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Home✈️Aircraft🚁HelicopterCAD - Engineering - Technical › CAD Software Recomendations please...
10-29-2006 06:49 PM  12 years ago
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gyan

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Surrey, BC Canada or Blaine Wa.

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CAD Software Recomendations please...
OK I'm REALLY new at all this. I'm thinking that a way in would be to learn the software first, see if I could make a few virtual parts then go from there. Like why get a CNC machine & have nothing to make with it ? Sooo what is a good industry standard software to get to try my hand at CNC ? I'm looking at user friendly stuff here, I heard that Autocad is not really user friendly. Is it an industry standard though? ANy ideas would be appreciated...thanks
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10-30-2006 12:06 AM  12 years ago
busted blade

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orlando,florida

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if youre starting from scratch and self-taught like i did 5 years ago nothing is going to be "friendly". its gonna be an a$$ kicker and nothing short of complete determination will get you through it. when i started i bought a haas vf3 and bobcad-cam software. i had no cnc machining experience (only some manual experience),no programing experience, and no cad experience. the bobcad came with training cd's and a book. i can remember many long days and lots of caffeine to finally get to the point where i could draw, program, and machine a part without making mistakes. it took probably a year before i could machine complex parts and 3d. the challenges are continual like selecting the best process for machining something,fixtures, efficient programing, feeds and speeds, etc.. the good news is the rewards come quickly and get bigger and better. i really get a lot of satisfaction when i can sit down in front of the screen and design something making it stylish, sexy , and functional, machining it, and putting it into service. so the answer to your question is that the bobcad worked for me,had information resources to get you thru it, was cheap (about 500 bucks), and was powerful enough to take me a long way. i have recently stepped up to pro-e software, 4 and 5 axis machining and cnc turning with live tooling. let the a$$ kickin' begin again. go get a machine, some software, and get busy. it will be worth itbling bling, cha ching......... but honey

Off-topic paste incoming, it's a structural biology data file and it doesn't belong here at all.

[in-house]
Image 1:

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10-30-2006 12:13 AM  12 years ago
gyan

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So I'd like to work on the software end of it right now, & get the machine later, any clues on which is the industry standard, & the most user friendly?
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10-30-2006 12:56 AM  12 years ago
busted blade

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orlando,florida

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there is no "industry" standardbling bling, cha ching......... but honey
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10-30-2006 01:04 AM  12 years ago
gyan

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Thanks BB. Too bad on that.
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10-30-2006 02:27 PM  12 years ago
kc8qpu

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This is by no means the answer and I do not endorse it at all. However I can tell you that there are a number of shops around which do not purchase software but instead someplace on the internet they find a way to download and use a crack code. Most commonly Mastercam. I use a licensed version and I can tell you first hand that the hardest part to learning how to program is knowing how to machine. It will make programs run 150% smoother. I would say get some experience first?!!!!Carpe Diem!!!
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10-30-2006 07:39 PM  12 years ago
Pole

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Norway

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Fore CAD i use Solid Edge, it is awsome, way more user friendly than Inventor and Solidworks... I realy like it.

Fore CAM i use EdgeCam, it is the only cam system i have tryed, because it is what my company are using, but i think it is wery good..
Stay tuned fore more happy days
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10-31-2006 02:08 PM  12 years ago
Havoc

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Ky.

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I heard that Autocad is not really user friendly
I only hear that from salesman for other products or from people who learned another brand first. I use inventor myself. I think it might be like choosing a favorite heli. It also may depend on the type of work you do. Sheet metal, injection molding, etc. I don't do sheet metal but I've heard it's not inventors strong point. I could probably put a tutorial on here to show you how to do almost anything with it. What you will find is that when you learn one brand of software you will not like the idea of using another.
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11-04-2006 03:46 AM  12 years ago
planedude91

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Cabot

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well, at school we have Inventor11. it is made by AtuoDesk, and it cost ALOT($3000) but i am slowly mastering it(ea right) and i can make basic parts. i made a frame for a tandem heli on it(pic below) just my tidbit of info

good luck!

http://runryder.com/photocache.htm?...pg&target=photo
Heli Fanatic... Nuff said...
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11-06-2006 10:47 PM  12 years ago
JohnnyG

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Cornwall England

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Inventor
I've used a few CAD packages such as Proengineer, Auto Cad, and Inventor and I'd say if you are new to it Inventor is the way to go..It's simple to use and does not get bogged down in the process. It thinks or rather you build like an engineer, not a comptuer programmer !!
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11-06-2006 11:05 PM  12 years ago
gyan

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Lots of ideas here thanks guys. I'm leaning towards learning one program so I'm looking for an industry std if there was one, or failing that, one that is fairly common that I know will be around for a long time.